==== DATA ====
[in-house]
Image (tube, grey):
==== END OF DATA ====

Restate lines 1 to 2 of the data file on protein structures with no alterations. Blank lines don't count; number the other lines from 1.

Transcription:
[in-house]
Image (tube, grey):